Wednesday, August 31, 2005

Feeerieen Day 2: Jef Neve Trio + swod

The week-long Feeerieen festival is taking place in the park opposite the Palais Royal. A sort of big gazebo set up in its middle serves as (a very high) stage. Park benches fan out in front of it. Blue and green spotlights lighting up the trees, gently pulsating garlands of light and dry ice machines placed not only on the stage but also in the treetops conspire to give the event the Mists of Avalon feeling the title implies.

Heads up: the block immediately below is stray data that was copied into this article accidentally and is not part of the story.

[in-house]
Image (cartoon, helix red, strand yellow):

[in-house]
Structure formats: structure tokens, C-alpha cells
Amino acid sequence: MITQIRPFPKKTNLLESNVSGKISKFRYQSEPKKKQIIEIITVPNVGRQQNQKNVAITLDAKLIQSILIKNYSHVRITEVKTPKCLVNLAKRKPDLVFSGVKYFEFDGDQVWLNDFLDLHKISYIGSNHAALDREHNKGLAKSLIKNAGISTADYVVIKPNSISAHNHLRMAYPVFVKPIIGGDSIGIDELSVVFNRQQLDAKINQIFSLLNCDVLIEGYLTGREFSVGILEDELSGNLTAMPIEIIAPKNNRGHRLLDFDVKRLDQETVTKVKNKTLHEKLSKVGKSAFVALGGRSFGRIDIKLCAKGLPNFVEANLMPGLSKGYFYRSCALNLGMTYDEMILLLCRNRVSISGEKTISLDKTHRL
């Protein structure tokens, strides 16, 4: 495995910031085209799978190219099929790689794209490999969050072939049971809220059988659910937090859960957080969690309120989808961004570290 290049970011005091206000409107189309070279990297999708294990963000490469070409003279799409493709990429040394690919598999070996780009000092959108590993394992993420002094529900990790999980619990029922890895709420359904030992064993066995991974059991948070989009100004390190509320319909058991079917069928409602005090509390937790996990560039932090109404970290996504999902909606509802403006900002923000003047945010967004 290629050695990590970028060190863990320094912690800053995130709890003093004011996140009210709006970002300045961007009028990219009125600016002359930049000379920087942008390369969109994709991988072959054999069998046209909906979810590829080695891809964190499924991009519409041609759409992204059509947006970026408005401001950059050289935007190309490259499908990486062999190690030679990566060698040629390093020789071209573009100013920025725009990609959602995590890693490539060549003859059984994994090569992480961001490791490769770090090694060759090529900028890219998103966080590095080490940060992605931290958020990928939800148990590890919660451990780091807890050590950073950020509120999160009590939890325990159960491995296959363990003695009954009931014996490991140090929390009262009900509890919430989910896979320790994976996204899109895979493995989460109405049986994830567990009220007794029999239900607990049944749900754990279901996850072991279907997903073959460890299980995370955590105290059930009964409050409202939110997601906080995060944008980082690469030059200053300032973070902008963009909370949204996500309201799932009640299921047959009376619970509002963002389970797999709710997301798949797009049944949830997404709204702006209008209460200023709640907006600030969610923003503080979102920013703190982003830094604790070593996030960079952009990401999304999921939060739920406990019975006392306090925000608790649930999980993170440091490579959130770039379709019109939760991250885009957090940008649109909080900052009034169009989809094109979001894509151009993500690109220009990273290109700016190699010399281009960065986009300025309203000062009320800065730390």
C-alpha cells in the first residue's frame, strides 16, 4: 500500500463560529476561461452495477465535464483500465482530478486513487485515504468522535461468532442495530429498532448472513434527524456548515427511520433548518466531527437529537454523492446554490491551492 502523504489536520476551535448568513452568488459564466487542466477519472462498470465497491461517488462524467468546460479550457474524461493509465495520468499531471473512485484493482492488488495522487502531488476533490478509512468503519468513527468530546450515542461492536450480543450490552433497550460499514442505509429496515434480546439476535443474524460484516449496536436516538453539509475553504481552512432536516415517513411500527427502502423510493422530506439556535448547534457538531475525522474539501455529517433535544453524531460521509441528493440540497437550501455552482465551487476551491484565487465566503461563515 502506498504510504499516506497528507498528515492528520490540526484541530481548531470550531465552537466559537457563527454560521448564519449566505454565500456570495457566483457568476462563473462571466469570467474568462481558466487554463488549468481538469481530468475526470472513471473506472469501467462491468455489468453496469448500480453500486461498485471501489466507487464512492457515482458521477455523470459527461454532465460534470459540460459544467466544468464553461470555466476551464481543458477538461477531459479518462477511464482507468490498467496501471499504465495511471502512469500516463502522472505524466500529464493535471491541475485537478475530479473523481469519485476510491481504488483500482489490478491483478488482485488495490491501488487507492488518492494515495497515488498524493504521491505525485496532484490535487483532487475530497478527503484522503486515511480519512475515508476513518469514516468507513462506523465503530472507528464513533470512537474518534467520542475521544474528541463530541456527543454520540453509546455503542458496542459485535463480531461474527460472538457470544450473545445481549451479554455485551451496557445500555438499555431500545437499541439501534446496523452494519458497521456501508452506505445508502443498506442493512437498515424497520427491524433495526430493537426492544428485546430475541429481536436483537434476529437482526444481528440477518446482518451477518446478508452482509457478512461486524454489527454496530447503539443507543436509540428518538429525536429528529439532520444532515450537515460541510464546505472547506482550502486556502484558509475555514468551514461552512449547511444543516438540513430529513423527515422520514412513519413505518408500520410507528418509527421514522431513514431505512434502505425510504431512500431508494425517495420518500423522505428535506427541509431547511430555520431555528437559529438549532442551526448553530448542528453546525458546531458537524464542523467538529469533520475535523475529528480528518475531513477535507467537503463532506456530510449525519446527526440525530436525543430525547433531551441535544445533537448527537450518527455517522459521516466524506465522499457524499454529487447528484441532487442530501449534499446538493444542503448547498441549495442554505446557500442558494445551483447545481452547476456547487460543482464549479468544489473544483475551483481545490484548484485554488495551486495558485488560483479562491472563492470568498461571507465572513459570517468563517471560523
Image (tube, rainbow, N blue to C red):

swod is a Berlin duo made up of laptopper/electronics guy Oliver Doerell and pianist Stephan Woermann. If jazzTronika is usually an updating of funky hardbop/soul jazz, then swod is Electronic Third Stream. The beats (and sometimes non-beats, when recurring noises give only the merest hint of propulsion) and piano-playing are minimalist: soft pulses connected by threads of static, clicks and gloops form fragile webs, while Woermann drops in icy chords or repeated melody fragments in careful doses that leave plenty of breathing room. swod skillfully avoids the piano-on-top-of-beats format, as the occasional more animated passages tend to be about the piano fully taking on a rhythmic chording role in the music's centre. Afterwards, I talked briefly with the od in swod (who is much more approachable than the retiring stage demeanour and skinny black suit would suggest) and bought their CD. I figure the music is better in the studio than on stage. Even if it's not, at least in my living room I won't have people behind me loudly voicing their displeasure.